If you’re new to vaping, there is a high likelihood that you’ve already been “swamped” with a ton of information about electronic cigarettes – both from online and offline sources as well (friends, family, retailers, etc.). To this extent, chances are that some of this information is borderline questionable, while there is good reason to assume that most of it is false.
Why is this so?
First of all, people tend to distrust that which they aren’t familiar with. Electronic cigarettes have been a fairly recent phenomenon, arriving at the U.S. market in the early 2000s and shaking the tobacco industry’s foundations from the grounds up. Amidst this uninvited, and most certainly unsolicited scare, countless of news outlets (and other media) have jumped the bandwagon and assumed that where there’s smoke there’s fire as well. However, all of these faux journalists forgot to remember one crucial thing: e-cigarettes are not combustible devices. Rather, they work on the principle of a part called an ‘atomizer’ heating a pre-filled liquid and therefore releasing aerosol or a vaping mist.
And this is just one of the many misconceptions about e-cigarettes that we’ll try to address, and hopefully, clear the confusion about vaping that you’re potentially having for good.
1. Are E-Cigarettes Safer than Smoking?
Yes they are. The confusion that e-cigarettes were allegedly somehow more harmful than smoking stem from one (now infamous) study dubbed the “formaldehyde letter”. The researching team behind this study claimed that some clearomizers (types of atomizers found in some primitive e-cigarettes) were releasing dangerous amounts of formaldehyde when heated.
But there was one big catch.
The conditions under which the researchers heated these clearomizers were not replicable in the real world. Vapers (and all people with some common sense in them) would never take a puff from a vaporizer that was heated to the point of boiling – as the researchers did with their vaping pens during testing.
A good analogy would be to think about burning your pizza to the point of it becoming one big pile of charcoal, and then proceeding to happily munch on it like it’s the most mundane thing in the world. That’s just not gonna happen under any normal real-life circumstance.
What about any evidence in favor of e-cigs?
A recent study from The Royal College of Physicians of London (the real scientists) concluded that e-cigarettes are indeed safer than smoking. Smoking is linked to a number of serious health issues to both the initial smoker and to those around them. Therefore making the switch from smoking to vaping is a great alternative to begin leading a happy and more prosperous life, the scientists concluded.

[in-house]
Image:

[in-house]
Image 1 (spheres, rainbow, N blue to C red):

2. Is Nicotine Dangerous?
In all honesty, nicotine is an addictive substance and it should be consumed in moderation to avoid feelings of nausea, lightheadedness, headache, and more. However, the same thing could be said about every compound that we come into contact with – even water! But we digress.
Nicotine by itself isn’t known to cause any major health issues such as cancers and other conditions related to the functioning of the heart. It’s rather the other compounds in a combustible cigarette such as tar, ammonia, carbon monoxide, formaldehyde, and more that are causing these diseases. To date, there have not been any documented cases where an overdose of inhaling the nicotine vapor from e-cigarettes has caused any major health damage. E-cigarettes can in fact help you to manage your nicotine withdrawal as or more effectively than a potential nicotine replacement therapy.
3. Do E-Cigarettes Blow Up?
Granted, this is a fairly loaded question, but we’ll do our best to address it nonetheless.
Virtually all electronic devices, including notebooks, smartphones, and e-cigarettes, require some basic knowledge about how batteries, battery chargers, and power outlets work. For example: if you combine, say, a Samsung charger with a Sony device, and plug your Frankenphone into a power outlet that doesn’t support that voltage, there is a high chance for everything to blow up. The same logic goes for electronic cigarettes as well.
So, those cases about e-cigarettes allegedly causing house fires probably resulted from a reckless use (human factor). In fact, the cumulative data is very clear: combustible cigarettes are by far the number one cause of house fires accident-wise, as reported by this finding by the UK government early in 2011.
4. Which E-cigarette Should I Begin Vaping With?
This question comes down to a personal preference. A refillable tank system e-cigarette can be a good way to start, but keep in mind that this device might take some time getting used to – especially if you’re a former smoker. However, these devices allow for a greater freedom of choice, as they can accommodate a wide range of e-juices, flavors, and also adjust your nicotine intake as your requirements change. We suggest trying the e-juices over at Vaper Empire to start.
5. How Much Nicotine Should I Start With?
The amount of nicotine that you’ll need very much depends on the amount of nicotine you’ve used in the past. Additionally, the amount of nicotine that you can potentially get also depends upon the type of e-cigarette you decide to buy. Roughly speaking, 20-a-day smokers find that 18mg/ml (or 1.8 percent) nicotine should be sufficient enough to cover their nicotine needs. You can use this as a rough guide and see how it goes on.
And that’s a wrap. Keep in mind that there is a lot more ground to cover in regards to vaping misconceptions, but these were the most common and so it was only logical to address them first. If you have any future ideas on topics we should cover – or even continue where we left off – feel free to share them in the comments.